Brokers Seek Community, Support in Volatile Market

Support group

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The meetings of the National Association of REALTORS®’ Broker Engagement Council and Broker Engagement Committee were standing-room-only at the REALTORS® Legislative Meetings in Washington, D.C., this week—a sign that brokers are increasingly turning to each other for support. “Brokers look to the association for the guidance they need, and the broker committee is that guidance,” said NAR First Vice President Tracy Kasper.

To start both meetings, she told the story of holding a virtual brokers summit amid the pandemic and expecting a few hundred brokers to attend. “We had 3,600 brokers in attendance,” Kasper said. “We brokers need each other.” She noted that brokers are banding together to learn from one another and keep each other grounded through the volatility of the market.

At the committee meeting, brokers were briefed on all of the latest data and news about the real estate market, pending and in-progress lawsuits, and MLSs. Key takeaways included:

  • MLSs are in need of broker feedback because they and their agents are the boots on the ground using the service.
  • NAR provides a ton of tools, data, and research for brokers to use, but data changes often in such a fast-moving market. One of the best ways to get the most up-to-date information is to follow NAR’s various social platforms, where information is boiled down to key points and stats.
  • The market is currently short somewhere between 4.6 million and 6.5 million housing units, and it will take creative solutions to fill the gaps.
  • The millennial generation makes up the largest generation currently in the market, and it is the largest generation in general terms. The median first-time homebuyer age is 33, which is right in the middle of the millennial generation. Inventory will continue to be a problem because the rest of the generation will be coming of age for the next several years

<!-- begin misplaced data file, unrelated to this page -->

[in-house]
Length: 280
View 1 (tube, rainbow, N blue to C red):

• Younger buyers are more likely to use an agent, seeing the value in having someone help them navigate offers, contracts, inspections, etc.
  • There are currently three antitrust class-action lawsuits against NAR working their way through various courts. Two of them allege that sellers have been harmed as a result of the cooperative compensation rule. The third alleges that buyers have been harmed by the cooperative compensation rule because agents are adding their commission to the sale price of the home, resulting in the buyer overpaying for the home.
  • Plaintiffs in these cases are trying to convince the courts that their experiences represent the experiences of buyers and sellers all over the country. NAR’s legal team is working diligently on these cases and are hoping to highlight how different each and every real estate transaction actually is.
  • It’s important for brokers and agents to tell their stories and communicate the value of the real estate profession. Right now, these stories are being told by third parties, and it’s important that the profession itself reclaim the narrative. NAR has created to provide easy access to resources for brokers and agents to communicate their value.
  • It’s imperative that brokers make sure their websites are in compliance with the Americans with Disabilities Act, as there are people combing the internet for the sole purpose of finding sites that do not comply so that they can sue.
  • Copyright infringement cases have also been on the rise in the industry, so brokers will want to make sure that they and the contractors they work with to create content understand what copyright infringement is and make sure they take every measure available to avoid it.

Right now, the committee has three Broker Power Hours planned for 2022. They are working on narrowing down topics of interest and asked for feedback. The current proposed topics are:

  1. Providing direction to new agents.
  2. DEI dos and don’ts.
  3. Department of Justice updates and how they relate to the industry.
  4. Nuances of the short-term rental market.
  5. Promoting the REALTOR® value proposition.
  6. Broker engagement in the community.
  7. How NAR and state and local associations can maintain their value to brokers.
  8. Future economic predictions concerning the real estate market.

The committee and council also talked about the Broker Engagement Grant, which is available to any broker interested in holding an event with the purpose of engaging other brokers. Examples of events include virtual broker summits, power hours, in-person networking, or educational events.

The grant offers up to $5,000 to a qualifying brokerage for an event. Many brokers don’t know that the grant is available, and both the committee and council want to see the funds used so that the grant continues to be available.